Page 138 - Week 01 - Wednesday, 9 February 2022
The ACT is in a strong position to improve its economic outlook, and I look forward to supporting the ACT government’s priorities for the year ahead through my various portfolios.
MS CLAY (Ginninderra) (10.51): It has been a hard few years. We have had a series of major shocks, climate disasters, a COVID pandemic and economic impacts, including rising house and rent prices. These conditions do not affect everyone equally. What we are seeing is a growing gap between rich and poor, not just in Canberra but nationally and globally. This has worried the Greens for a long time.
The ACT government has done a really good nation-leading job with its climate policy and its public health approach to COVID. But there is an opportunity here for the government in these challenges: we can change our economic settings and we can do things differently. We can rethink our strategy for all of our budgeting decisions and we can have a focus of looking after everyone, addressing inequality and taking care of our environment.
I want to start by talking about the arts sector. I have spent a lot of my life running a small business. This pandemic has been a particularly difficult time for small business. Some sectors have been affected much more than others. Even before COVID, the increasing casualisation and the trend to the gig economy has affected many workers, who typically have less negotiating power in the workplace. It has had a particularly big impact in the arts. Painters, writers, sculptors, singers, musicians and actors—many of them relied on marginal incomes and a mix of incomes and gig work before COVID, and COVID has made it worse.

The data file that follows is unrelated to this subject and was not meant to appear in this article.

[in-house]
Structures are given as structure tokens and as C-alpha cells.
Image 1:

Much of the commonwealth funding was based on the fact that if someone did not earn much money it did not matter if they lost it. Some of the ACT government support fell foul of that too. My experience is that the less money you earn, the more important it is that you preserve that. Many in this sector do not register for GST, they do not stick to one primary occupation and they do not have salaried positions or an easy way to prove their lost income. They scrape together income from multiple sources, but that does not mean they are not in business. They pay tax, they register ABNs and they are members of their professional associations. This is how the business of arts is done.
Those in performing arts in particular have been hard hit by losing audiences and tours due to COVID and the soft lockdown, at the same time as many lost their secondary income in hospitality. Amp It Up! is a fantastic funding program and I congratulate arts minister Cheyne on it. I would like to see more long-term certainty in our funding for the arts. We need jobs, not just gigs. I would like all of our government business support to consider how it can assist the arts sector. We also need to finalise some of those longstanding problems so that when we are ready to rebound we can do that quickly. It is time to get the entertainment precincts set up properly to give our venues and artists certainty and bring life to our city.
It is also time we put a genuine gender lens on the budget that filters every decision through the consideration of its impact on women. Women are over-represented in